A friend and I were just talking about food labels. Don’t they drive you CRAZY? I hate it when I’m half-way through a bag/bottle/package of something that I think is 100 calories, and for some reason I look at the label a second time. Closer than the first time I glanced at it, right before I ripped it open and began to chow down…
Hmmm… There are HOW MANY servings in this bag/bottle/package??? What the heck? There are 2.5 servings in here? Does anyone out there actually have 1 and a 1/2 friends they share a snack with? If you do, will you please drop me a line (and a picture) telling me about that friend? Because I want to see that!
As reported in the November issue of the American Journal of Preventive Medicine, dietary information presented in food labels may be “well beyond” individual’s ability to understand, especially those with lower math skills.
In a study from June 2004 to April 2005, 200 primary-care patients (average age 43, 72% women) from a wide socioeconomic range, filled out a Nutrition Label Survey. The survey was designed with input from registered dietitians, primary care physicians, and authorities in health literacy and numeracy.
At first glance most patients (89%) felt the food labels were a snap. Yet on average, only 69% of them answered food-label questions correctly. And broken down, even that figure turned out to be misleading.
First the participants completed standardized math and reading tests; 68% of these individuals had some college education and 75% of them had at least a high school education.
Among these participants’ results, 77% had at least 9th grade reading skills, but only 37% had 9th grade math skills. The results of the food label reading portion of this study reflected this math deficiency. For example, slightly less than 1/3 of the patients (32%) could calculate the number of grams of carbohydrate (67.5) consumed from a 20-ounce bottle of soda that contained 2.5 servings (total carbohydrates per serving = 27 grams).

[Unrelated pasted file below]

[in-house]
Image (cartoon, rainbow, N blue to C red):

Only 60% of patients could determine the number of carbohydrates consumed if they ate half a bagel, when the serving size was a whole bagel. In a summary of the nutrition questionnaire errors, the researchers said there were 970 errors in the subjects’ responses to the first 12 items on the questionnaire. Frequent errors included misapplication of the serving size (325 errors), confusion due to extraneous material on the food label (369 errors), and incorrect calculation (276 errors).
Those individuals who did the best on the questionnaire tended to have a higher income and educational level, and to score better on the standardized tests for reading and math ability.
According to the researchers, the FDA is considering changes to food labels, with the aim of improving comprehension. In the meantime the researchers strongly recommend that individuals who need to understand food labels in order to self-manage chronic illnesses such as diabetes and high blood pressure be referred to a registered dietitian for assistance. These health care professionals have the time, resources and training to assist patients to understand food labels.
If you feel that you have difficulty reading food labels and would like to improve your own understanding, ask your primary care provider to refer you to a clinical dietitian for assistance. It is usually paid for by insurance, as long as there is a documented reason, such as high blood pressure (hypertension), diabetes, high cholesterol levels, a need for weight loss or other documented concern.
Rothman, RL, et al, “Patient Understanding of Food Labels: The Role of Literacy and Numeracy,” American Journal of Preventive Medicine 2006; 31 (5): doi: 10.1016/j.amepre.2006.07.025